This is actually quite a sensible question and it isn't about the English word 'counter' as JiK suggests, but about the English word 'play'. ;-)
To have 'play' in a position basically means that you are able to create threats. The possibility to create threats isn't really linked to how complicated a position is. But a position in which only one player can ...
It looks like your position fell apart pretty early on, a symptom of poor opening theory. Your King and Queen were exposed to attack within the first few moves, and White ruthlessly exploited that opportunity.
The first move that Stockfish classifies as a blunder (yes, there's more than one) is 5. … h6?? where you attempt to directly attack the advancing ...
What's the main idea of this opening?
Main ideas for white:
surprise weapon as it is rarely played (since it is not all that good)
playing the Dutch opening with an extra tempo, but this is not a big deal IMO
avoiding opening theory as you can basically learn a "system" (certain position of pieces that you want to achieve) and follow this almost ...
Do not play 3...Nxe4 in response to 3. Nxe5.
I feel this important aspect is missing in the other answers. You can see the primary reason it doesn't work in your game - you end up losing the queen. Given that you can't just move the knight after 4. Qe2, your next-best option is to play 4...Qe7 5. Qxe4 d6 (or ...f6), which still results in you losing a pawn. ...
This part of the answer pertains to the first version of the post, where (due to a typo in setting up the diagram in OP) the move 4...f6 was played:
It started to go wrong for you from the move 4...f6, which just walks right into Qh5+ completely winning for white:
[title "why 4...f6 is a mistake"]
[fen "rnbqkb1r/pppp2pp/5p2/4N3/4n3/8/PPPPQPPP/RNB1KB1R w ...
In Damiano variant you respond 4. ... Qe7 to 4. Qe2. Yes, white takes the knight faster than you, but then you simply make d6 move, and if white knight retreats, white loses Queen. So to black's 5. ... d6 white have to respond with 6. d4, then: you take knight with the pawn and white makes a move dxe5. After those there's a bunch of possibilities that are ...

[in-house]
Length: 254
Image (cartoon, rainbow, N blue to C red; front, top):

The two answers have already provided a very good explanations of the Bird's opening. So mine can be viewed as an addition.
is a known gambit and is reasonably sound. Followed by 2.fxe5 d6 3.exd6 Bxd6. Black sacrifices a pawn but gets ahead in development.
I like to point it out for two reasons.
1) It is one of the approaches to play against the ...
There is a saying that "the best way to refute a gambit is to accept it", attributed to Steinitz. While sayings in chess often have exceptions, I think it does apply to this particular case. If you go by either the Stockfish evaluation (-0.8) or the results of games between highly rated players (67% win for black out of 12 games), the gambit is a mistake.
What's the main idea of this opening?
This is basically white playing what is normally a black defence, the Dutch 1) d4 f5, with a move in hand so the idea is the same - white will develop his kingside quickly with the knight on f3 behind the pawn, castle kingside, maybe bring the queen over with Qd1 - e1 - h4 if there isn't already a pawn on g3 and then ...
I must quote some thoughts on bird opening from gufeld's book , "1 f4 d5
Avoiding the sharp play of the
From Gambit ( l . . .e5 ! ?), Black is
ready to play against the Dutch
Defence by the first player.
The attempt to prevent the fianchetto
of Black 's king' s bishop is
unsuccessful: 2 b3 Bg4 ! (hindering
the development of White's kingside)
3 Bb2 Nc6 ...
I could say something about a counter attack from a beginner's point of view:
What is a counterattack?
If one of your pieces is threatened by your opponent, then you should threaten the opponent's highest value pieces in your next immediate move (at least that piece should have higher value than your piece which is under threat).
If your rook ...
Counter play, especially when down material, is often about creating dynamic chances. So you should probably work in that area:
Study the games of some attacking geniuses like Tal, Shirov, Morphy, Anderssen.
Work through some good books on attacking chess.
Play some gambits in training games.
Train tactics, but thats a given anyway.